“We were particularly surprised with how well the forage radish performed, both in terms of fall growth and fall weed suppression, and how much of an impact it had on the subsequent test-crop despite the fact that it died in the winter,” Smith said.
There is growing interest in using cover crops to improve soil health and sequester carbon in the soil. “Here in New England, many farmers are already using some of these cover crops. For example, on some vegetable farms in our region, it is not uncommon for as much as 50 percent of a farm to be in cover crops during the growing season. That said, there is a relative lack of information about how well different cover crops perform in our region, particularly in regard to weed suppression, given our short growing season and relatively intense winters. This is especially true for cover crop species such as forage radish, crimson clover, and soybean,” Smith said.
This study is part of a larger research effort that aims to provide New England’s farmers with science-based information about agricultural practices that reduce the need for economically and environmentally costly agrichemicals and other external inputs. The goal is to develop biologically based practices that are appropriate for their operations and that improve their bottom line.
“Agriculture continues to be an important component of our regional economy and therefore implementation of practices that benefit agriculture, such as the use of cover crops, should be of interest to not just farmers, but anyone who enjoys eating locally and regionally produced food or who values seeing a vibrant and sustainable agriculture on the landscape,” Smith said.
Future research will assess a wider range of cover crop species and their performance under different types of growing conditions and when planted at different times during the growing season. Scientists also will continue to conduct research on the potential benefits of planting cover crops as mixtures and in inter-cropping systems, and will assess a wider range of services that cover crops provide to agroecosystems.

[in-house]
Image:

This material is based upon work supported by the NH Agricultural Experiment Station, through joint funding of the National Institute of Food and Agriculture, U.S. Department of Agriculture, under award number 229253, and the state of New Hampshire.
Founded in 1887, the NH Agricultural Experiment Station at the UNH College of Life Sciences and Agriculture is UNH’s original research center and an elemental component of New Hampshire's land-grant university heritage and mission. We steward federal and state funding, including support from the USDA National Institute of Food and Agriculture, to provide unbiased and objective research concerning diverse aspects of sustainable agriculture and foods, aquaculture, forest management, and related wildlife, natural resources and rural community topics. We maintain the Woodman and Kingman agronomy and horticultural farms, the Macfarlane Greenhouses, the Fairchild Dairy Teaching and Research Center, and the Organic Dairy Research Farm. Additional properties also provide forage, forests and woodlands in direct support to research, teaching, and outreach.